Neurogenic responses mediated by vanilloid receptor-1 (TRPV1) are blocked by the high affinity antagonist, iodo-resiniferatoxin.Br J Pharmacol. 2003 Mar; 138(5):977-85.BJ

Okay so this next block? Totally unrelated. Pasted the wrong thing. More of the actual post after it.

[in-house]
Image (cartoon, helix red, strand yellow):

(1) Stimulation of the vanilloid receptor-1 (TRPV1) results in the activation of nociceptive and neurogenic inflammatory responses. Poor specificity and potency of TRPV1 antagonists has, however, limited the clarification of the physiological role of TRPV1. (2) Recently, iodo-resiniferatoxin (I-RTX) has been reported to bind as a high affinity antagonist at the native and heterologously expressed rat TRPV1. Here we have studied the ability of I-RTX to block a series of TRPV1 mediated nociceptive and neurogenic inflammatory responses in different species (including transfected human TRPV1). (3) We have demonstrated that I-RTX inhibited capsaicin-induced mobilization of intracellular Ca(2+) in rat trigeminal neurons (IC(50) 0.87 nM) and in HEK293 cells transfected with the human TRPV1 (IC(50) 0.071 nM). (4) Furthermore, I-RTX significantly inhibited both capsaicin-induced CGRP release from slices of rat dorsal spinal cord (IC(50) 0.27 nM) and contraction of isolated guinea-pig and rat urinary bladder (pK(B) of 10.68 and 9.63, respectively), whilst I-RTX failed to alter the response to high KCl or SP. (5) Finally, in vivo I-RTX significantly inhibited acetic acid-induced writhing in mice (ED(50) 0.42 micro mol kg(-1)) and plasma extravasation in mouse urinary bladder (ED(50) 0.41 micro mol kg(-1)). (6) In in vitro and in vivo TRPV1 activated responses I-RTX was approximately 3 log units and approximately 20 times more potent than capsazepine, respectively. This high affinity antagonist, I-RTX, may be an important tool for future studies in pain and neurogenic inflammatory models.